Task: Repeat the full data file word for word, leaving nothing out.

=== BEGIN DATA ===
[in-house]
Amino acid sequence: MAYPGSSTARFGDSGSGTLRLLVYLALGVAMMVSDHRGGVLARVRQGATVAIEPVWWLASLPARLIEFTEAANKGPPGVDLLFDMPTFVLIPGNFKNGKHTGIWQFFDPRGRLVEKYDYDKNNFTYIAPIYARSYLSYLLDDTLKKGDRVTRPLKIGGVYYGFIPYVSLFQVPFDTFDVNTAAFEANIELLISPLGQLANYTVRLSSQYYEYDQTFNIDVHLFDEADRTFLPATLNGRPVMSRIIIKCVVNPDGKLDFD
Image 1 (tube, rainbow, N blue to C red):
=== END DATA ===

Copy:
[in-house]
Amino acid sequence: MAYPGSSTARFGDSGSGTLRLLVYLALGVAMMVSDHRGGVLARVRQGATVAIEPVWWLASLPARLIEFTEAANKGPPGVDLLFDMPTFVLIPGNFKNGKHTGIWQFFDPRGRLVEKYDYDKNNFTYIAPIYARSYLSYLLDDTLKKGDRVTRPLKIGGVYYGFIPYVSLFQVPFDTFDVNTAAFEANIELLISPLGQLANYTVRLSSQYYEYDQTFNIDVHLFDEADRTFLPATLNGRPVMSRIIIKCVVNPDGKLDFD
Image 1 (tube, rainbow, N blue to C red):